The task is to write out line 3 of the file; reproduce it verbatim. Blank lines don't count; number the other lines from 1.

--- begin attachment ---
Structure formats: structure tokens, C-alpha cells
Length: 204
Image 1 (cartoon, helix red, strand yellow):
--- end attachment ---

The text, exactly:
Image 1 (cartoon, helix red, strand yellow):